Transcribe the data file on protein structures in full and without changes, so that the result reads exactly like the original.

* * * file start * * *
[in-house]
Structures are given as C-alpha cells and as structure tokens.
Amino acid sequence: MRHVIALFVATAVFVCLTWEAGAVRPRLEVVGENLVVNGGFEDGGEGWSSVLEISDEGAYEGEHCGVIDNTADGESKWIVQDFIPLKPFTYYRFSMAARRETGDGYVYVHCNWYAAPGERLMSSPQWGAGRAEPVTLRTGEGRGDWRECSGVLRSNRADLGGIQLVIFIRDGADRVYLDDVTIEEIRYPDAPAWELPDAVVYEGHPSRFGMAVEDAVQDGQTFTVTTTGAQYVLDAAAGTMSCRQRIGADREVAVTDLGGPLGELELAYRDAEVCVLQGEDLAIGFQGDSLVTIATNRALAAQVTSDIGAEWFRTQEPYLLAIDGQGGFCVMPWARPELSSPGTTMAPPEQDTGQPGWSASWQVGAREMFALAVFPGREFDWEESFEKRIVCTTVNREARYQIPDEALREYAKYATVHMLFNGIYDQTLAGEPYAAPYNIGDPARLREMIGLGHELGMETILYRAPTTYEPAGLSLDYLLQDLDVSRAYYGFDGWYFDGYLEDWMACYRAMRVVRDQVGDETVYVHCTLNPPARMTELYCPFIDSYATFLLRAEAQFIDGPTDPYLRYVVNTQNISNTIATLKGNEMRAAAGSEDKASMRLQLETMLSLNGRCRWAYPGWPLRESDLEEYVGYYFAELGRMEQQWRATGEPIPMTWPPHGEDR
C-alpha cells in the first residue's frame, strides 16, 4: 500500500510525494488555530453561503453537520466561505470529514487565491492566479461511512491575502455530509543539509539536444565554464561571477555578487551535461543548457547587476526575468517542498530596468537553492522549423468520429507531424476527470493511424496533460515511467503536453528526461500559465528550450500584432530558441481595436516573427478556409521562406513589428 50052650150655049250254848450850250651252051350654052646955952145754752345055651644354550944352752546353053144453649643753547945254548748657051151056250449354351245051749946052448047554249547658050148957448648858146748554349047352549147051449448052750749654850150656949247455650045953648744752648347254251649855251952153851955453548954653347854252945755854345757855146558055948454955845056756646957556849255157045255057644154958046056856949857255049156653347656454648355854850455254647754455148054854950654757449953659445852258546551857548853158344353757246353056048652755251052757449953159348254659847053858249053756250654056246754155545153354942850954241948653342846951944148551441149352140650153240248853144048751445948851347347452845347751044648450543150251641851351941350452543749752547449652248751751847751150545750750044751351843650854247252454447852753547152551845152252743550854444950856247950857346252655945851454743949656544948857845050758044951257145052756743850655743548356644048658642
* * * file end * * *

[in-house]
Structures are given as C-alpha cells and as structure tokens.
Amino acid sequence: MRHVIALFVATAVFVCLTWEAGAVRPRLEVVGENLVVNGGFEDGGEGWSSVLEISDEGAYEGEHCGVIDNTADGESKWIVQDFIPLKPFTYYRFSMAARRETGDGYVYVHCNWYAAPGERLMSSPQWGAGRAEPVTLRTGEGRGDWRECSGVLRSNRADLGGIQLVIFIRDGADRVYLDDVTIEEIRYPDAPAWELPDAVVYEGHPSRFGMAVEDAVQDGQTFTVTTTGAQYVLDAAAGTMSCRQRIGADREVAVTDLGGPLGELELAYRDAEVCVLQGEDLAIGFQGDSLVTIATNRALAAQVTSDIGAEWFRTQEPYLLAIDGQGGFCVMPWARPELSSPGTTMAPPEQDTGQPGWSASWQVGAREMFALAVFPGREFDWEESFEKRIVCTTVNREARYQIPDEALREYAKYATVHMLFNGIYDQTLAGEPYAAPYNIGDPARLREMIGLGHELGMETILYRAPTTYEPAGLSLDYLLQDLDVSRAYYGFDGWYFDGYLEDWMACYRAMRVVRDQVGDETVYVHCTLNPPARMTELYCPFIDSYATFLLRAEAQFIDGPTDPYLRYVVNTQNISNTIATLKGNEMRAAAGSEDKASMRLQLETMLSLNGRCRWAYPGWPLRESDLEEYVGYYFAELGRMEQQWRATGEPIPMTWPPHGEDR
C-alpha cells in the first residue's frame, strides 16, 4: 500500500510525494488555530453561503453537520466561505470529514487565491492566479461511512491575502455530509543539509539536444565554464561571477555578487551535461543548457547587476526575468517542498530596468537553492522549423468520429507531424476527470493511424496533460515511467503536453528526461500559465528550450500584432530558441481595436516573427478556409521562406513589428 50052650150655049250254848450850250651252051350654052646955952145754752345055651644354550944352752546353053144453649643753547945254548748657051151056250449354351245051749946052448047554249547658050148957448648858146748554349047352549147051449448052750749654850150656949247455650045953648744752648347254251649855251952153851955453548954653347854252945755854345757855146558055948454955845056756646957556849255157045255057644154958046056856949857255049156653347656454648355854850455254647754455148054854950654757449953659445852258546551857548853158344353757246353056048652755251052757449953159348254659847053858249053756250654056246754155545153354942850954241948653342846951944148551441149352140650153240248853144048751445948851347347452845347751044648450543150251641851351941350452543749752547449652248751751847751150545750750044751351843650854247252454447852753547152551845152252743550854444950856247950857346252655945851454743949656544948857845050758044951257145052756743850655743548356644048658642